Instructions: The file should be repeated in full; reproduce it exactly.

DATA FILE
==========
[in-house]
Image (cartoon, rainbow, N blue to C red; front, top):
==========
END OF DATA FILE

[in-house]
Image (cartoon, rainbow, N blue to C red; front, top):